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Shigar Valley is a good 3 hours from Skardu City. Skardu city is 24 hours’ drive from Islamabad — when going over the Babusar top.
The turn toward Shigar from the Skardu-Khaplu road opens up into a high altitude desert of white sands. People bring their 4x4s there to ride the dunes. It’s a wonderful combination of warm sand, high mountains, clear river and the cool breeze blowing over it. Shigar road also takes you to the Askoli village which is the starting point of the grueling trek towards K-2 base camp.
Shigar town was once a kingdom of Amacha. It still has a Summer Palace, a fort on top of a mountain that seems to have been sliced with a knife, several heritage sites and a pond fed through a natural subsoil aqua duct. The top five things I loved in Shigar are:-
1. Shigar Palace
Shigar palace called the Fong Khar, ‘palace of rock’ is 25000 Rs per night hotel with 1000 Rs per sandwich bar — but it’s worth it. If you are tired sick of the city life and the dissonance it has brought about in you, Shigar will heal you. The palace has lovely cherry gardens, a pagoda garden with fresh water channels, 100 years old tree along with visitor galleries for lessons on history and heritage.
It’s amazing how the locals survived never-ending winters and isolation with rudimentary tools, yaks, and fruit seed oils. Because of global warming, the place gets pretty hot in the summer months. From the terrace of the royal palace, you can get a picture of Khusar Gang peak. The palace has religious symbols carved on the top beams that symbolize Buddhism, Sufi Islam, and Tibetan heritage. One symbol, the ‘swastika’, represents good fortune in Hinduism/Buddhism/Sufi Islam combined.
2. Fort Behind Shigar Royal Palace
Right behind the Shigar royal palace is a fort built on top of a high cliff face — for obvious security reasons. The Royals would dump their subjects and cower inside this fort when raiders from adjoining principalities came to seize power — till the time the Raiders ran out of food or just got tired. Only outer walls of the fort remain now and it a good hours hike to get there.
3. Old Buddhist Monastery
On the other side of this fort, just beyond a higher pasture are the ruins of an old Buddhist monastery. The place seems very old because of the rock art of animals, instead of any script. This place is nearly 2 hours climb from the palace. Take water with you, there are no streams at the site.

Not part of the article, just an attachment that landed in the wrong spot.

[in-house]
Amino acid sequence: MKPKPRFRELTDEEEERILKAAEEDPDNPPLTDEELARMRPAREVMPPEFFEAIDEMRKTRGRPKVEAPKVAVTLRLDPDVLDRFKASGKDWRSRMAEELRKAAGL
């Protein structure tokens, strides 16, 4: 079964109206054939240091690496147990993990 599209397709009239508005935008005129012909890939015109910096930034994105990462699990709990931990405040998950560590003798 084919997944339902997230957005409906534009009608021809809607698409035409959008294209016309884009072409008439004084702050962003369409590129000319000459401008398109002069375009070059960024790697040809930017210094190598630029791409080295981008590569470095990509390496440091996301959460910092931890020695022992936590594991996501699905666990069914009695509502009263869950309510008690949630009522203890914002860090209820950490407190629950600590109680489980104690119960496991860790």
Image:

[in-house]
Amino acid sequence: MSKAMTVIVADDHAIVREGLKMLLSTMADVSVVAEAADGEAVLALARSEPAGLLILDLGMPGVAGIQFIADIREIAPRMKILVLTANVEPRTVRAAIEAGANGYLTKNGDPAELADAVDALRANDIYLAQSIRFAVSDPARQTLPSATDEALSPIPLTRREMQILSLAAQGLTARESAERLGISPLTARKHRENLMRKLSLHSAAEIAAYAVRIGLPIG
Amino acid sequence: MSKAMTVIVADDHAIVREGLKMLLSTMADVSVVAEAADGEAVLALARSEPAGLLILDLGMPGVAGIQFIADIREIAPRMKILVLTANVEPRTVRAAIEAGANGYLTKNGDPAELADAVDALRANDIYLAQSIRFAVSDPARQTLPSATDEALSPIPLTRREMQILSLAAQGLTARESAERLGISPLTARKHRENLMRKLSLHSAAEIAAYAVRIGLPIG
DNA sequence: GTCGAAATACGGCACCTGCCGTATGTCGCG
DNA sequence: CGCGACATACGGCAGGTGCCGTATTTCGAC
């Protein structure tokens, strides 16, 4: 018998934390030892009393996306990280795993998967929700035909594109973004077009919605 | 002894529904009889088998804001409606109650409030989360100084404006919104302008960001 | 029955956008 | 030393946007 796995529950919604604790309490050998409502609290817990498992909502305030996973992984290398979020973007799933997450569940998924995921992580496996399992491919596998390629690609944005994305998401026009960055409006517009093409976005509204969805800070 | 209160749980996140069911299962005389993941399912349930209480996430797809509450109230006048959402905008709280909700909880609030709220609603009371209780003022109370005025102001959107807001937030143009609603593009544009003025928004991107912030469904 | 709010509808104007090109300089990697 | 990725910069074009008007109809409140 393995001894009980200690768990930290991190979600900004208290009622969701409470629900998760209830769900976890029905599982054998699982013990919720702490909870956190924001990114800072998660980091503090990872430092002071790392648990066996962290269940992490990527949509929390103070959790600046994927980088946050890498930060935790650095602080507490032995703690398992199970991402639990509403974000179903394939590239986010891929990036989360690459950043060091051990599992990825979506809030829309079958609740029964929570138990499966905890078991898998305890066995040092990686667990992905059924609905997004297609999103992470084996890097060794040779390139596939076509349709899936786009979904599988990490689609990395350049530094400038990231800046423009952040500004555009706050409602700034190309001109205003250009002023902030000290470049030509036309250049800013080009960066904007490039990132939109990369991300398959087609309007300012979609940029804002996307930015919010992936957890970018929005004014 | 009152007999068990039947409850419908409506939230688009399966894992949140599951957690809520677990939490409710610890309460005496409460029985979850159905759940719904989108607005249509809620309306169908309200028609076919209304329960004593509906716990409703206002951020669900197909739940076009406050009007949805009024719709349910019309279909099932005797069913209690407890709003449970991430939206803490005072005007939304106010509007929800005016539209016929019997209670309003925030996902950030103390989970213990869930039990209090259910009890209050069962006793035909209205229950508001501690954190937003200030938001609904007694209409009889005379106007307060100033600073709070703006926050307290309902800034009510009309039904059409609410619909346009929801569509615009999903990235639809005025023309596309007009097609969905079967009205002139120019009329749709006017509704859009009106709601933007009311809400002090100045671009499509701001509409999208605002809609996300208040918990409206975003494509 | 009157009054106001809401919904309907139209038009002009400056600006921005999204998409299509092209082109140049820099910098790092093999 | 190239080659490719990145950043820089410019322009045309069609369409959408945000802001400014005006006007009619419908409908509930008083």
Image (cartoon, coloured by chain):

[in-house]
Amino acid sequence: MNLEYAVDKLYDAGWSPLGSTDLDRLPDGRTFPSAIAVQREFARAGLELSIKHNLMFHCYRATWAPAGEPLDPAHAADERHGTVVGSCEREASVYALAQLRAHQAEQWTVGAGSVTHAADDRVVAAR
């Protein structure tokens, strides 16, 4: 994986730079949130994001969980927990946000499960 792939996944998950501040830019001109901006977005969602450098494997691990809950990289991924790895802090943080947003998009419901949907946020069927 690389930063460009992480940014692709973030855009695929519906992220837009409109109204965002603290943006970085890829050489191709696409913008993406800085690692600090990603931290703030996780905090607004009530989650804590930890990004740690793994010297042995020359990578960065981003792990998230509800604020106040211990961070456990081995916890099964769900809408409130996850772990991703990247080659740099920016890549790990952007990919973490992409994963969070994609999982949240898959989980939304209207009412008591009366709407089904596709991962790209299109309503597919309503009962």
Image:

4. Syed Hamadan’s Amburik Mosque
To seek understanding of the advent of Sufi Islam by Amir Kabir Syed Hamdan in the 13th century, the Tibetan-Buddhist heritage and the local Nur Bakhshi Islamic sect, Shigar is the ideal time portal into an ancient world. Syed Hamadan’s Amburik Mosque, the oldest in the region, with its Kashmiri woodwork, Persian symbols, and Tibetan influence is mesmerizing. Khilingrong Mosque is another marvel of the same kind. Women in this mosque had the top floor to themselves — evidence of a tolerant Islam. Khanqah e Mullah and the historical plaque in front tell a story of the dedication of the original preachers.
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5. Buddhist Rock Carvings
Another Buddhist rock carvings etched on a rock face, a 10 minutes’ drive from Shigar. From what I have seen, Buddhists built temporary shrines and stone structures at fixed intervals along the ancient trade routes, for weary travelers looking for spiritual healing on their journeys away from home. Shigar was the transit point of the trade route towards Yarkhand-China and Naltar-Hispar- Gigit.
6. Blind Lake
Lastly, the blind lake is natural spring water fed reservoir that is about an hour’s drive from the main road. The track is stony and dirt filled, so a 4×4 may be necessary. Shigar is one of the three valleys around Skardu — but the prettiest. Every adventure junkie passes through this town to reach the ultimate prize of Boltoro, Biafo glaciers; K-2, Gasherbrum, Broad peak all lay beyond this town, so do stop on the way.
Lastly, don’t forget to get Aqua Marine and Albite stone from the locals. A clear blue Aquamarine is very rare and magical.